Beyond ‘Bitconned’: Unveiling lessons on crypto scamming’s shocking ease

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in Crypto, Fintech

Netflix’s recently released documentary, “Bitconned”, begins with a simple premise – all it takes to kickstart a scam is the creation of a seemingly legitimate company profile on platforms like LinkedIn. 

Further on, the documentary sheds light on the darker aspects of the cryptocurrency market, telling the story of how three individuals manipulated the freewheeling crypto landscape to scam millions from unsuspecting investors.

In the world of web3 and cryptocurrency, scams have unfortunately become a recurring theme, tarnishing the reputation of the sector. The past few years have seen instances such as the FTX fraud case have left a lasting impact, which in turn created a ripple effect that reaches far beyond the fraudulent entities. 

However, for many entrepreneurs in the field, while there currently is a negative light on the crypto industry, it is crucial to remember that these fraudulent activities are the actions of a few and do not define the entire industry. 

“Scammers are found in every sector, but when a single company in the web3 industry raises significant funds and then mismanages it, the effects can be widespread, impacting many people and consequently painting a flawed picture of the whole industry. A case in point is FTX, which was a fraud case, not a crypto case. Centra was similar. Such instances overshadow the positive strides we’ve made in this field – but to a certain extent, it’s understandable,” Marc Taverner, CEO of Swiss cryptoasset financial services firm XEROF, tells IT Logs. 

Those running crypto-related startups themselves face different challenges, Taverner explains.  

As a startup founder, one must always be prepared for the unexpected. It’s prudent to have a contingency fund in place to cushion against any unforeseen circumstances. Additionally, maintaining liquidity is critical, especially if you’re fundraising in crypto. Companies need to ensure they have enough reserves to cover daily operational costs. Nestcoin’s unfortunate incident where they fundraised in FTT and lost all their money after FTX collapsed underscores this point,” Taverner points out. 

A much needed sobering up for the industry

The Bitconned documentary also provides a much-needed sobering insight into the risks of cryptocurrency scams. Just like the process of conducting due diligence on potential investments, investors and other industry players have to thoroughly vet clients before collaborating with them, Mary Pedler, founder of crypto and tech PR Agency INPUT Comms, argues.

“I would start with basic things like checking their project’s website and social media. Objective third-party sources can help verify the team’s claims: for example, Crunchbase provides data on past fundraising, investors, location, and team size, illuminating potential red flags,” she tells IT Logs.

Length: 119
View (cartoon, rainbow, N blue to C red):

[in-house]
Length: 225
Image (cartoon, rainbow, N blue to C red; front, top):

Additionally, Pedler would also search the project and details about its founders anywhere on the Web, especially when it comes to the crypto and web3 spaces.

What goes on the Web, stays on the Web — you’d be surprised what can come up in old forum posts and news comments. I once found out a founder’s real identity that way, and the fact that he had a track record of fraud and SEC fines. Searching in the native language of the team can also unearth relevant content,” Pedler points out. 

When it comes to preventing fraud before it happens, enhanced identity verification by platforms like LinkedIn would help combat imposters, making it harder to impersonate CEOs. Various industry players could also benefit if regulators share intel on scams globally in a timely manner, as more coordination would help shut down the worst actors, making it hard to slip through the cracks.

If the team has zero organic media presence (only promotional paid materials), that’s a major red flag. Some controversy, on the contrary, would mean they’re real people with a history, not fakes. Use your network: ask around. Together, we can crowdsource fraud detection.

Due diligence ain’t fun work, but it is the price of admission in crypto. There’s so much potential if we’re smart — and a little skeptical.” Pedler notes. 

The fundamental Web3 principle: Do Your Own Research

Experts however, also emphasize the resilience of projects that continue building despite market fluctuations. Then there is also the fundamental web3 principle, which goes for everyone that wants to enter the industry in some capacity, and which is web3 101: Do Your Own Research.

For XEROF’s Taverner, the past year has also shown that the crypto industry has recognized the need for regulation and oversight and has taken some strides to address it. 

“In countries like Switzerland, where there are clear rules governing our operations, companies can demonstrate their commitment to working within set guidelines, thereby gaining more trust from investors and stakeholders,” Taverner explains.

While the crypto industry has experienced some setbacks due to fraudulent activities, it’s important to acknowledge that these incidents are not indicative of the industry as a whole, he points out.

With proper regulation, transparency, and financial management, web3 companies can thrive and continue to revolutionize the industry.” 

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